A price floor has been introduced which would see the windfall tax cease if oil prices drop, but what difference will it make to North Sea operators?
There are implications for firms financing new developments, as well as a disproportionate benefit to oil-focused explorers, the industry has said in response.
But, with OBR forecasts showing the price floor won’t hit the necessary levels anyway, it’s expected the levy will go unchanged until its sunset in March 2028.
Boosts chances of firms proceeding with FIDs
“Rather than attract a wave of new investment, the introduction of the price floor will most likely only bolster the chances of companies proceeding with investment in projects that have already been scoped,” said Dave Mosley of analytics firm Welligence,
The move “will do little in the short term” for investors’ confidence” but should bring “significant improvement to the investment environment”.
Mr Moseley said: “Investment of over US$5 billion is needed for the current pipeline of greenfield projects that have been scoped but are pending FID or regulatory approval to be developed, the two largest of which are Cambo and Rosebank.
“Prior to the introduction of the price floor, several of these were at risk of being cancelled as companies grappled with the impact of the EPL. The introduction of a price floor relieves some economic pressure from these projects but is not a panacea for the current fiscal regime.”
Questions on breakevens and shelved drilling
It remains to be seen whether the price floor – at $71.40 per barrel for oil and £0.54 per therm for gas for two consecutive quarters– is high enough for projects like Cambo and Rosebank which have higher breakeven prices.
In a statement, Ithaca Energy said it welcomes the approach from the UK Government as they “acknowledge the need for a fiscal regime that supports critical investment in the North Sea to support energy security.
“We will now move to analyse the implications of the changes to financing capacity and to our high-value development projects.”
Ratings agency Moody’s said: “We see little relief for O&G producers and no real improvement in terms of visibility (if anything, possibly higher uncertainty) on expected reduction in tax payments, debt capacity and liquidity being restored to pre-EPL introduction level, and increased support to longer-term investment decisions.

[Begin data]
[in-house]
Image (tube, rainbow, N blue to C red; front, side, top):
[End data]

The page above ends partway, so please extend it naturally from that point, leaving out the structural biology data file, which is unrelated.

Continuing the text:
“The high frequency of changes to the EPL observed so far further contribute to increasingly uncertain operating conditions on the UKCS.”
The government itself even notes that the mechamism “won’t be triggered until before the tax’s planned end date in March 2028” based on OBR forecasts.
There’s also questions whether other firms, like TotalEnergies, Apache and EnQuest, who have cancelled or deferred drilling at Elgin, the Beryl Area and Kraken, respectively, will reconsider, added Welligence.
Each firm has been contacted for comment.
Harbour Energy, the UK North Sea’s largest producer and perhaps staunchest opponent of the levy, has previously blamed the policy for its decision to slash 350 UK jobs.
In a statement, the firm said: “We will take time to understand the detail of today’s announcement and the impact of it, if any, on our business and plans”.
‘Inevitably favours oil-focused companies’
Independent producer IOG, a southern North Sea gas-focused operator, welcomed the step, but said the mechanism will favour firms focused on oil.
A spokesperson said: “By setting the gas floor at $40.7/boe (compared to the oil floor of $71.4/boe) and requiring both gas and oil prices to be below the floors to trigger the adjustment, the government’s move will inevitably favour the larger integrated energy businesses and the oil-focused companies at a time when we should be focusing on developing domestic low carbon gas supplies to displace carbon intensive LNG from overseas and ensuring security of supply.
“The UK is increasingly a mature basin and the UK gas market is increasingly dependent on imports, notably of high carbon LNG. We have also previously suggested that reintroduction of a small fields allowance would specifically help to stimulate much-needed further investment in low carbon domestic gas fields to displace imported LNG.”
Some 90% of producers have cut spending in light of the windfall tax, which was hiked to 35% in November and took the headline industry tax rate to 75%.
In its policy announcement today, the government ackowledged warnings from industry that “this puts the long-term future of the UK’s domestic supply at risk, meaning we would be forced to import more from abroad at a time when reliable and affordable energy is a focus for families and businesses”.